If we put five teams of Behavioural Design Academy alumni in a room together for five hours, could they create a solution for a problem that governments have been struggling with for years? That was the question on our mind when we kicked off our very first Behavioural Design Hackathon, last Friday. We’ll have to wait for the real results, but we’re convinced they got remarkably far.
Flip those tiles
Here is the problem, which was provided to us by the great City of Rotterdam.
“how do we get people to replace concrete tiles in their garden with grass or plants, to support climate adaptation and biodiversity in the city?”
Sounds straightforward, but the solution, the city has learned, is not. But it’s not for lack of trying. The City of Rotterdam has been really active. They’re providing one-off subsidies, there’s a ‘Tile-taxi’ to help people get rid of their discarded tiles, and there’s even a Dutch tile lifting championship, pitting the cities of Rotterdam and Amsterdam against each other. Not bad at all! Although there certainly has been a lot of progress, the city needs more acceleration to meet critical policy goals.
Solve it efficiently while you can
Big organisations such as governments can let problems like these float around for years. They are stuck in limbo between doing some good actions to tackle the problem but not going all-in and deliberately designing and executing a strategy to solve it.
It’s basically waiting for either a lucky eureka-moment by an involved professional or a sudden boost of urgency caused by some external event. To make matters worse, this usually results in an inefficient solution because it is only put into action to signal to angry voters (or customers) that it is being taken seriously. This results in spending an amount of money on an issue proportionate to the inflated problem perception.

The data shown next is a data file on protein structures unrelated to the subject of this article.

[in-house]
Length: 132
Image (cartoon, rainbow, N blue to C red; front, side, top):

So why wait till this external event shakes up the public and causes a rushed and inefficient solution? It is way smarter to deliberately design effective and efficient strategies while you can. We want to stay ahead of everybody else and tackle this problem right now.
At SUE, we’re constantly experimenting with new ways to use our SUE | Behavioural Design Method© for the best way to effectively and efficiently solve wicked behavioural challenges. In many cases, that’s one of our Sprint propositions. Still, we’re increasingly discovering the potential of smaller formats such as a hackathon to serve as an accelerator of ongoing innovation processes. We’re getting great feedback on it from alumni of the Behavioural Design Academy who are experimenting with it in their organisations as well.
Getting it done
We firmly believe that being a behavioural designer is about a lot more than understanding the scientific theory and models that describe human behaviour – although that is an essential part of it. It is about developing the practical know-how to be able to navigate the reality of your organisation or business and design real-world interventions to real-world problems. It is about not just knowing what should be done, but about being able to actually get it done. Designing and leading the right process is a key part of that.
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Download our Behavioural design Sprint brochure telling you all about the ins and outs of the sprint in detail. Please feel free to contact us suppose you would like some more information. We gladly tell you all about the possibilities.
Little time, big yield
During the hackathon, the five teams were each able to very positively surprise the vice-mayor of Rotterdam Vincent Karremans. He took part as a jury member to judge how well the solutions could be applied in practice. With their solid analysis of the human perspective of the desired behaviour and the truly human-centered solutions they were able to come up with, each group did a great job presenting their behavioural design solution.
We could not be happier with the results of our first Hackathon. We will repeat this event every year to give our alumni’s the chance to keep their knowledge up-to-date and work on a solution to a real-life problem!
Vice mayor Vincent Karremans was also very impressed by the results the candidates made in such a short time.
“Although many of the ideas need further work in order to be successfully guided through the decision-making process of the city government, the breadth and cleverness of the yield of these mere five hours were fantastic.”
See you next year!
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